Competing with free: Navman partners with Nokia to bring their GPS lineup into the cloud

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With more and more Australian’s trading in their dumbphones for smartphones, all-in-one devices that continue to replace entire product categories, it isn’t hard to assume that a dedicated GPS is irrelevant in 2013. If a smartphone, which is on you at all times, has a GPS inbuilt, surely all that’s needed is a free app and you’re ready to drive.

To convince non-believers otherwise, TechGeek and a number of other publications were invited along to a seaplane flight and a presentation from Navman and Nokia’s new map service, called Here, to argue that free apps just can’t compete with their software and hardware co-operation. And I’m inclined to believe they’re right.

Competing with free: Navman partners with Nokia to bring their GPS lineup into the cloud

The day started with a flight over Sydney via a Cessna Caravan seaplane, and while the cynical part of me assumed that Navman and Nokia were buttering us up, it really was mind-boggling to see the amount of change constantly occurring to Sydney’s transport infrastructure. As we flew over the Sydney Harbour Bridge and descended into the suburban sprawl, the complexity of mapping new structures, built upon already complex stretches of road, was bleedingly obvious. Australia continues to, through state and federal sources, fund tens of billions of dollars of transport infrastructure. And along with this, the changes continue to outdate plenty of GPS devices.

I’ve often found software like Apple Maps or even Google Maps to be far from confidence-inspiring in foreign areas, and, from what I’d seen, it’s no surprise. When you (directly) pay nothing for these services, what’s the incentive for these companies to improve their software? In the end, Google is selling to ad companies, while Apple is treating Maps like another hobby, a bullet point on the iPhone’s feature list, a change which puts form over function.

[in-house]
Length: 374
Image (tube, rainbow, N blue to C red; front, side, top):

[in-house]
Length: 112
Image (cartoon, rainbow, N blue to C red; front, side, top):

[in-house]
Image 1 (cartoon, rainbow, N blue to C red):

While a number of automated processes can occur to include new areas of road, Navman and Here told us that they were confident that they were the only group in Australia to have verified map data, rather than sourcing the maps from elsewhere. They told the group that their fleet of 10 vehicles, with Google Streetview-style cameras, regularly validate these new roads, taking photos of street-signs and analysing GPS data, to contribute to their already more feature-packed GPS software.

Competing with free: Navman partners with Nokia to bring their GPS lineup into the cloud

Monthly updates for the majority of their new products (occasionally a $100 optional extra) will deliver these map changes. And when I quizzed them on regional data, they also confirmed that these areas will be receiving attention, with plenty of employees from both companies focused on regional Australia, despite the debates that Wollongong isn’t regional. If only these people worked at Telstra so we could get some city-equivalent internet!

With a partnership with Nokia, it’s almost weird to think that these two companies, now companions, might not compete in the future. Nokia’s Brent Stafford, told me otherwise though, insisting that Nokia relies on partners, like Navman, to fund their elaborate methods of keeping maps up-to-date and reliable. It was another stab at other mobile apps, and another fair one in my opinion. As Stafford described, while Google sells ads to fund their mapping initiatives, Nokia relies on partner satisfaction to fund theirs. If they do a poor job, there’s more incentive to change. If Google does a bad job, they’ll only change if ad companies bite back. Apple is in the same league, continuing to push Apple Maps, despite its clear challenge in competing.